By Marian Filar and Charles Patterson (231 Pages)Publisher: University Press of Mississippi, 2002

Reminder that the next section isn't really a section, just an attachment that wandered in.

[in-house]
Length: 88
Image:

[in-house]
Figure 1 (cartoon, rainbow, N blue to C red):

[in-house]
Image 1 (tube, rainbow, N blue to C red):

Before the Nazis sent members of the Filar family to Treblinka, these were the last words Marian Filar's mother said to him. "I bless you. You'll survive this horror. You'll become a great pianist, and I'll be very proud of you." Born in 1917 into a musical Jewish family in Warsaw, Marian Filar began playing the piano when he was four. He performed his first public concert at the age of six. At twelve he played with the Warsaw Philharmonic Orchestra and went on to study with the great polish pianist and teacher Zbigniew Drzewiecki at the State Conservatory of Music. After the German invasion, Filar fled to Lemberg (Lvov), where he continued his music studies until 1941, when he returned to his family in the Warsaw Ghetto. After liberation Filar was able to resume his career by studying with the renowned German pianist Walter Gieseking. In 1950 he immigrated to the United States and soon after was performing concerts with Eugene Ormandy and the Philadelphia Orchestra. He made his Carnegie Hall debut on New Year's Day, 1952. He became head of the piano department at the Settlement Music School in Philadelphia and later a professor of music at Temple University, while continuing to perform in Europe, South America, Israel, and the United States. He does not end his story with the liberation but with his fulfillment of his mother's blessing.